Long used as an aid to traditional manufacturing, 3-D printing is coming into its own as a unique means of mass production. Step inside one of the region’s top printing studios and explore how this Crystal Lake team has been printing its way into the next big thing for more than two decades.
Mike Littrell always considered himself a tech geek, living on the cutting edge of computer technologies, but this was something entirely unexpected.
His father, a bit of a tech geek himself, had just returned from Memphis on a consulting trip. He handed his son a round, plastic part. “Take a look at this,” he said.
The younger Littrell was unimpressed. It looked like an ordinary plastic part.
“Guess how it was made,” said his father. “It was 3-D printed.”
“I’m like, ‘What?’” recalls Littrell.
“It’s printed. A machine grew it.”
This was the mid-1990s, when 3-D printing technology, to the layman, was still solidly in the realm of science fiction. But this? This was science reality. Littrell was intrigued, so much so that he set aside his graphic design and website hosting/design businesses to go all in on a nascent technology.
Two decades later, he’s still living on the cutting edge of a technology that’s rapidly evolving – in practical use and in the public conscience. Today, 3-D printing is revolutionizing the manufacturing and product development processes, and it’s touching an increasingly diverse range of industries, from manufacturing to health care and Hollywood.
Since 1998, Littrell has built his CIDEAS, 125 Erick St., in Crystal Lake, into a thriving firm with specialties in 3-D printing and its related engineering capabilities. He’s outlasted competitors and, because of a tireless dedication to innovation, built CIDEAS into one of the nation’s largest service bureaus for 3-D printing.
“Every day, CIDEAS enables its clients to produce – print – their innovations,” he says. “For us not to innovate and move our own industry forward would be a travesty.”
What is 3-D Printing?
Printing in three dimensions isn’t so dissimilar from printing in two. Your office probably has a dot matrix printer or a laser printer for high-speed and high-volume prints. Inside, a print cartridge deposits the image of your document onto a piece of paper. Your home probably has an inkjet printer, which similarly deposits ink in an oscillating flow.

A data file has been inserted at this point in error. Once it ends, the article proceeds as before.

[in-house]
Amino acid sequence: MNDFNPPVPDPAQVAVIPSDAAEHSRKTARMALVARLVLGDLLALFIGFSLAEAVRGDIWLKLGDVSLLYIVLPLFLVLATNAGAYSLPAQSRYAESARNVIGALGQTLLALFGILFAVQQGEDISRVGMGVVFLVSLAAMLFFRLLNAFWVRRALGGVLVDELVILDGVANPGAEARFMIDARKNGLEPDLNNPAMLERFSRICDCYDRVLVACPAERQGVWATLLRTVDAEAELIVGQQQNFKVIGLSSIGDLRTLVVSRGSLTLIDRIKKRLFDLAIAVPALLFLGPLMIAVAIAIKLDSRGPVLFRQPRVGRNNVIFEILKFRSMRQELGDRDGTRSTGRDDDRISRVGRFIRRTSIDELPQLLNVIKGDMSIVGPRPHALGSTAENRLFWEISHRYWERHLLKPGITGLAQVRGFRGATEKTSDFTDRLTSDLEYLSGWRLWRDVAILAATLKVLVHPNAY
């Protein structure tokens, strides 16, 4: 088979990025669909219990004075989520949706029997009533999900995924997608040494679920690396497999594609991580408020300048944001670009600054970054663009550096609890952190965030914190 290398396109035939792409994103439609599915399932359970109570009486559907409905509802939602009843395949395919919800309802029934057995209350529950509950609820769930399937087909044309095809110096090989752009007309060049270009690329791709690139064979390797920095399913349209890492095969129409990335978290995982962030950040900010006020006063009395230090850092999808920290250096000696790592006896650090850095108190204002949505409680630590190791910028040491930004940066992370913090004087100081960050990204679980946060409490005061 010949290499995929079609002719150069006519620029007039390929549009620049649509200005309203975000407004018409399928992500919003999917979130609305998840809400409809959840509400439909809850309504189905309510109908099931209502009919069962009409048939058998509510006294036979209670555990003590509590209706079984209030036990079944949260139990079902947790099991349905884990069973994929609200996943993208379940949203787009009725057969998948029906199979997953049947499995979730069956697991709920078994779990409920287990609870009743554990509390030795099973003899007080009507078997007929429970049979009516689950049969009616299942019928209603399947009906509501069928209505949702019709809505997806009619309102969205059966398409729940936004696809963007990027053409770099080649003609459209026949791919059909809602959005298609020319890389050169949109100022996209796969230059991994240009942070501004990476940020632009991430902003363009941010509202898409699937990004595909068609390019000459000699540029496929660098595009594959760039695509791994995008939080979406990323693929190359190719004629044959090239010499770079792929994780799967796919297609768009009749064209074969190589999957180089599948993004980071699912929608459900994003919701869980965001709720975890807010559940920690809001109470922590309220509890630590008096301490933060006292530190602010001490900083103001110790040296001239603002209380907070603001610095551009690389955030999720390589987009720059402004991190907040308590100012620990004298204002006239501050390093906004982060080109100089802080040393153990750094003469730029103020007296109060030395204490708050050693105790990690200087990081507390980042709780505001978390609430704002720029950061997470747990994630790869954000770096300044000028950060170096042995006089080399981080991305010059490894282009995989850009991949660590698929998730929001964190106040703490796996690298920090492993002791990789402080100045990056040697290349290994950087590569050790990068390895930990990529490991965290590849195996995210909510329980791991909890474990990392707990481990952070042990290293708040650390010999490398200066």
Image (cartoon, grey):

In 3-D printing, an engineer’s design is translated into three dimensions by a machine that gradually plies layer upon layer. Like two-dimensional printers, there are numerous approaches.
The very first form of 3-D printing, stereolithography (SLA), was patented in 1986, though the idea has roots in late-1970s Japan. In the SLA process, a laser traces a shape onto a photosensitive resin. Exposure to the focused laser light solidifies the traced area. Layer by layer, the laser traces a form upon the liquid.
“Look at your coffee mug,” says Littrell. “The SLA system takes a three-dimensional representation – a 3-D CAD model – of that coffee mug and slices it into very thin layers. The system reproduces those layers. The laser will trace the layers of the mug, one on top of the other, until the mug is completely rebuilt.
Another common process, fused deposition modeling (FDM), works like a hot glue gun, but instead of glue sticks, the 3-D printer is equipped with spools of plastic thread similar to a string trimmer. The printer head melts thin strands of filament, layer by layer, to create a finished product.
Still another process, selective laser sintering (SLS), works like silk screen printing in that layers are rolled on top of each other. First, a roller picks up fine nylon powder and applies it to the workspace. A laser beam melts a pattern into the powder before another layer of powder is rolled on.
Capturing fine details is easy in 3-D printing because layers can be extremely tiny – as little as 0.0006 inch in the PolyJet process – yet another printing technology. And parts can be big, too. The industrial-quality printers at CIDEAS are capable of producing pieces up to three feet wide, two feet long and three feet tall.
Uses for 3-D Printing
The applications for 3-D printing are virtually endless. Offices, hallways and conference rooms at CIDEAS are filled with a wide array of products printed in-house. Look around and you’ll see the bust of a U.S. president, movie characters, anatomical parts, product samples, sculptures – all of it 3-D printed.
In one office, there are displays of geometrical shapes, whimsical turtles and a realistic-looking car that’s almost entirely printed. A friend of Littrell’s designed it to mimic a classic car once owned by his father.
“Brian Yingling, a close friend and client of CIDEAS with a passion for vintage cars, designed it as a favor to me,” says Littrell. “The realism is truly amazing, and it highlights the capabilities of 3-D printing and talented finishing techniques that have taken years to develop. There are large vertical markets that haven’t been captured, so most people don’t realize exactly what we can do with 3-D printing.”
The technology behind CIDEAS was initially referred to as rapid prototyping because it enabled engineers to quickly test design concepts and production feasibility, or to present new ideas for focus groups and corporate board members. Littrell estimates that 3-D printing currently touches 90 to 95 percent of all products on the market.
“It’s not uncommon for a client to be conducting a new bottle or package design study, where they may need 20 or 30 examples so they can say, ‘What do you think of this? How’s it feel in your hands?’” he explains. “So, we’ll 3-D print and finish these pieces to look exactly like final production units.”
Littrell shows off sample soft drink bottles that are clear and topped with a cap. It’s hard to tell these were printed in the shop.
In the corner sits a realistic-looking kitchen sink, which was also 3-D printed.
“We printed a new line of sink basins so our client could present them to a major home improvement retailer,” says Littrell. “We built the numerous sink variations and the client installed them into countertops. The execs came out to say, ‘I like that sink, I like that sink, and can you take the feature from this sink and put it in that sink?’ So, now someone can make a decision based on something that looks real, rather than a rendered computer image.”